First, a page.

Kosesakal T, Unal M, Kulen O, Memon A, Yuksel B. Phytoremediation of petroleum hydrocarbons by using a freshwater fern species Azolla filiculoides Lam. Int J Phytoremediation. 2016;18:467-76.
Jampeetong A, Brix H. Effects of NH4+ concentration on growth, morphology, and NH4+ uptake kinetics of Salvinia natans. Ecol Eng. 2009;35:695-702.
Lichtenthaler HK, Wellburn AR. Determinations of total carotenoids and chlorophylls a and b of leaf extracts in different solvents. Biochem Soc Trans. 1983;11:591-2.
Zhang D, Quantick PC. Effects of chitosan coating on enzymatic browning and decay during postharvest storage of litchi (Litchi chinensis Sonn.) fruit. Postharvest Biol Tecnol. 1997;12:195-202.
AOAC. Official methods of analysis of AOAC International. 16th ed. Arlington, VA, USA: AOAC International; 1995.
AOAC. Official methods of analysis of AOAC International. 17th ed. Maryland, USA: AOAC International; 2000.
Antoine FR, Wei CI, Littell RC, Marshall MR. HPLC method for analysis of free amino acids in fish using o-phthaldialdehyde precolumn derivatization. J Agr Food Chem. 1999;47(12):5100-7.
Ichihara K, Shibahara A, Yamamoto K, Nakayama T. An improved method for rapid analysis of the fatty acids of glycerolipids. Lipids. 1996;31(5):535-9.
Pereira AL, Monteiro B, Azevedo J, Campos A, Osorio H, Vasconcelos V. Effects of the naturally-occurring contaminant microcystins on the Azolla filiculoides-Anabaena azollae symbiosis. Ecotoxicol Environ Saf. 2015;118:11-20.
Kannaiyan S. Effect of Benlate and Rhizoctonia interactions on the growth, chlorophyll contents and nitrogen fixation in three species of Azolla. S Afr J Bot. 1992;58:292-5.
Abraham G. Antioxidant enzyme status in Azolla microphylla in relation to salinity and possibilities of environmental monitoring. Thin Solid Films. 2010;519:1240-3.
Arora A, Saxena S. Cultivation of Azolla microphylla biomass on secondary-treated Delhi municipal effluents. Biomass Bioenergy. 2005;29:60-4.
Li YY, Lü XT, Wang ZW, Zhou C, Han XG. Linking relative growth rate to biomass allocation: the responses of a grass (Leymus chinensis) to nitrogen addition. Phyton Int J Exp Bot. 2014;83:283-9.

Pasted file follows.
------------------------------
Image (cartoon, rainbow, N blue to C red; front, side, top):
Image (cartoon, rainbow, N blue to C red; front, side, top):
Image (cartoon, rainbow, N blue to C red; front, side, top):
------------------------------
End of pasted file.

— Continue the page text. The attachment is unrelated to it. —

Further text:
Mostafa EM, Tammam AA. The oxidative stress caused by NaCl in Azolla caroliniana is mitigated by nitrate. J Plant Interact. 2011;7:356-66.
Vafaei F, Khataee AR, Movafeghi A, Salehi Lisar SY, Zarei M. Bioremoval of an azo dye by Azolla filiculoides: Study of growth, photosynthetic pigments and antioxidant enzymes status. Int Biodeterior Biodegradation. 2012;75:194-200.
Rai AK, Rai V. Effect of NaCl on growth, nitrate uptake and reduction and nitrogenase activity of Azolla pinnata/Anabaena azollae. Plant Sci. 2003;164:61-9.
Close DC, Davidson NJ, Davies NW. Seasonal fluctuations in pigment chemistry of co-occurring plant hemi-parasites of distinct form and function. Environ Exp Bot. 2006;58:41-6.
Sun T, Yuan H, Cao H, Yazdani M, Tadmor Y, Li L. Carotenoid metabolism in plants: The role of plastids. Mol Plant. 2018;11:58-74.
Savicka M, Petjukevičs A, Batjuka A, Škute N. Impact of moderate heat stress on the biochemical and physiological responses of the invasive waterweed Elodea canadensis (Michx. 1803). Arch Biol Sci. 2018;70(3):551-7.
Dai LP, Xiong ZT, Huang Y, Li MJ. Cadmium-induced changes in pigments, total phenolics, and phenylalanine ammonia-lyase activity in fronds of Azolla imbricata. Environ Toxicol. 2006;21:505-12.
Candan N, Tarhan L. Relationship among chlorophyll-carotenoid content, antioxidant enzyme activities and lipid peroxidation levels by Mg2+ deficiency in the Mentha pulegium leaves. Plant Physiol Biochem. 2003;41:35-40.
Dixon RA, Paiva NL. Stress-induced phenylpropanoid metabolism. Plant Cell. 1995;7(7):1085.
Zhang X, Liu CJ. Multifaceted regulations of gateway enzyme phenylalanine ammonia-lyase in the biosynthesis of phenylpropanoids. Mol Plant. 2015;8:17-27.
Forni C, Braglia R, Harren FJ, Cristescu SM. Stress responses of duckweed (Lemna minor L.) and water velvet (Azolla filiculoides Lam.) to anionic surfactant sodium-dodecyl-sulphate (SDS). Aquat Toxicol. 2012;110-111:107-13.
Noor Nawaz AS, Syed J, Dileep N, Rakesh KN, Prashith Kekuda TR. Antioxidant activity of Azolla pinnata and Azolla rubra –A comparative study. Sch Acad J Biosci. 2014;2(10):719-23.
Leterme P, Londoño AM, Muñoz JE, Súarez J, Bedoya CA, Souffrant WB, Buldgen A. Nutritional value of aquatic ferns (Azolla filiculoides Lam. and Salvinia molesta Mitchell) in pigs. Anim Feed Sci Technol. 2009;149:135-48.
Datta SN. Culture of Azolla and its efficacy in diet of Labeo rohita. Aquaculture. 2011;310:376-9.
van Kempen MML, Smolders AJP, Bögemann GM, Lamers LLM, Visser EJW, Roelofs JGM. Responses of the Azolla filiculoides Stras.–Anabaena azollae Lam. association to elevated sodium chloride concentrations: Amino acids as indicators for salt stress and tipping point. Aquat Bot. 2013;106:20-8.
Paoletti C, Bocci F, Lercker G, Capella P, Materassi R. Lipid composition of Azolla caroliniana biomass and its seasonal variation. Phytochemistry. 1987;26:1045-7.
Cohen MF, Meziane T, Tsuchiya M, Yamasaki H. Feeding deterrence of Azolla in relation to deoxyanthocyanin and fatty acid composition. Aquat Bot. 2002;74 (2):181-7.
Brouwer P, van der Werf A, Schluepmann H, Reichart G-J, Nierop KGJ. Lipid yield and composition of Azolla filiculoides and the implications for biodiesel production. BioEnergy Res. 2016;9(1):369-77.
Miranda AF, Liu Z, Rochfort S, Mouradov A. Lipid production in aquatic plant Azolla at vegetative and reproductive stages and in response to abiotic stress. Plant Physiol Biochem. 2018;124:117-25.
Matoša Kočar M, Sudarić A, Sudar R, Duvnjak T, Zdunić Z. Screening of early maturing soybean genotypes for production of high quality edible oil. Zemdirbyste-Agric. 2018;105(1):55-62.